A $1 trillion U.S. pension gap is dividing two longtime allies: Democrats and unions.
Left-leaning politicians from Rhode Island to California are increasingly supporting more aggressive overhauls of government pension benefits despite opposition from labor officials, traditionally one of the Democratic Party’s biggest policy and electoral supporters.
The erosion of Democratic backing for conventional retirement benefits prized by teachers, firefighters and police officers is a sign of how strained government budgets are as obligations for 24 million public workers and retirees continue to mount.
The latest clash is unfolding in Pennsylvania, where Democratic Gov. Tom Wolf has been seeking to end a six-month budget impasse with a Republican-controlled Legislature by agreeing to approve retirement cuts for new state hires and current workers. The Keystone State has $50 billion in unfunded pension obligations, one of the deepest retirement holes in the country.
“I know you’re not going to be happy,” Mr. Wolf told union leaders in private phone calls during recent weeks, those labor officials said. Union officials said the cuts aimed at current workers violate state laws.
A spokesman for Mr. Wolf said the governor understands that some people would be upset with the pension cuts, but his priority has been boosting education spending. “The governor absolutely wants to make sure state workers have a secure retirement, but this was a compromise budget and he’s dealing with an overwhelmingly Republican-led Legislature,” the spokesman said.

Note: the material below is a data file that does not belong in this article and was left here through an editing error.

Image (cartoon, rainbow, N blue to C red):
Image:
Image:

Since 2009, 25 out of 34 states that had Democratic governors in office have rolled back retirement benefits for public workers, a result that is proportionally in line with states run by Republicans, according to a Wall Street Journal analysis of National Association of State Retirement Administrators data. Most of those governors also have survived attempts by union interests to remove them from office. At present, 17 states have Democratic governors.
Pension-cutting Democrats can come off as the lesser of two evils for union officials, because they have curtailed some benefits in an effort to make retirement plans more sustainable. Republicans often pursue more drastic steps such as ditching traditional pensions altogether in favor of the 401(k)-like plans common in the private sector.
The amount states and local governments are paying each year to fund retirement systems has risen to 4% of annual spending, up from 2.3% in 2002, according to U.S. Census data. Meanwhile, large retirement systems now have just three-quarters of the assets they need to fund future obligations, according to consultant Milliman Inc., leaving a gap of $1 trillion.
Democrats rarely tried to roll back pensions before 2008, according to politicians and pension officials. But as deficits surged because of deep investment losses in the wake of the financial crisis and chronic underfunding of retirement plans, Democrats said they had little choice but to revamp benefits, leading to conflicts with what has usually been a large and loyal bloc of voters.
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